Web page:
Six Things to Know About When Applying for Jobs
1. Selection bias is real 1
Double blinded studies show that resumes with male names perform better compared to identical resumes with female names. Until you’re in a position to hire or recruit someone, the best thing you can do is work with those biases. For example, if your last name is Johnson, consider referring to yourself as Dr Johnson, rather than Dr Emily Johnson.
The same is also true when comparing local names to foreign or international names. Local names perform better. Now, I am not suggesting you change your name. However, I know people who have changed their name, at least shortened it to a version that “looks local” and had improved success with obtaining interviews.
Unfortunately, if you are not in a position to do these things, there is not much you can do.
I should note there are recruitment agencies, as well as employers, who are aware of the problem. They are responding by implementing blinded candidate review, as well as unconscious bias training for selection panels. 2
2. Photos aren’t necessary
There’s no need to include a photo in your resume. And just like names and genders, pictures introduce an opportunity for bias, and deliberate discrimination.
With that in mind, your social media probably has a lot of photos. So, when applying for jobs consider making your profile pictures (more) professional. Recruiters, and employers will do a simple internet search for you. So, make sure your first impression is a good one.
There are some culture differences here. I’m aware that in parts of Europe, and Asia photos are expected. If you’re up for the challenge, I’d suggest NOT including a photo. Instead, write “available upon request”.
3. Age is not needed
Just don’t put your age. It is another opportunity for discrimination. Your employment history might date you. But, for most people in most jobs a full history is not needed. So, even that should avoid recruiters or employers ageing you.
4. Question the use of dates
You definitely don’t need dates for education. Just the fact you’ve attained the qualification should be enough. When it comes to employment history, the three most recent roles are probably all you need. In which case, dates for those are fine. But, anything prior to that is probably not needed. Again, these dates allow people to age you, and therefore discriminate.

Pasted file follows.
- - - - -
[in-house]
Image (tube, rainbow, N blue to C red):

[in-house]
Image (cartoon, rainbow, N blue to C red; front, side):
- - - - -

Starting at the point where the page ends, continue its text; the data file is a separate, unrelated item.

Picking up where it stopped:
5. Make sure OCR is on/present
OCR stands for Optical Character Recognition. It’s what allows you to find specific words within a PDF. By default, programs you’d use to create a resume — MS Office Suite, Google Docs — have OCR enabled. If you’re converting to PDF via those programs, you’ll probably have OCR enabled too. But you can make sure by opening the version of your resume and cover letter, and trying to find a known word or phrase (such as your name) using the find function. If that works, OCR is on. If not, you’ll need to fix that…
Why is this important? Well, the use of AI is increasing. These programs search resumes for words and phrases. If the AI cannot find the words, then the resumes aren’t shortlisted for human review. In most instance, some version of OCR is used by the AI.
6. Use relevant keywords
This probably seems obvious, but it’s worth explaining a little. Like I wrote above, AI is used to search through resumes. So, if you don’t have the keyword in your resume, you won’t be shortlisted. Some systems might use synonyms, or US and UK spelling, or singular and plural. But, others might not. Thus, having the exact keyword is essential. How do you choose the keywords? Easy, read through the job ad, and position description. Highlight the keywords. Then, go through your resume and highlight, cross out or tick off when you use the keyword. The exact keyword. Spelt like they did. Pluralised they did. Not a synonym. If some are missing, work out how you can reasonably add them in, and do it.
Dr Richard Huysmans is the author of Connect the Docs: A Guide to getting industry partners for academics . He has been helping researchers grow their careers for more than a decade. As a #pracademic, Richard understands the need to have practical solutions to academic problems. He knows how to identify transferable skills and what makes a good industry CV. His pragmatic approach to job hunting has been getting people jobs for more than a decade.
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1-When your resume is (not) turning you down: Modelling ethnic bias in resume screening, Human Resource Management Journal, Nov 2018, https://onlinelibrary.wiley.com/doi/full/10.1111/1748-8583.12217 accessed 30 Nov 2020
2-Recruit smarter report, Victorian Government, 2018, https://www.vic.gov.au/sites/default/files/2019-01/Recruit-Smarter-Report-of-Findings.pdf, accessed 30 Nov 2020
Originally published at https://blog.drrichardhuysmans.com.